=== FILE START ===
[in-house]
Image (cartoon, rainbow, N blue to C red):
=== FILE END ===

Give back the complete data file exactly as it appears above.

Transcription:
[in-house]
Image (cartoon, rainbow, N blue to C red):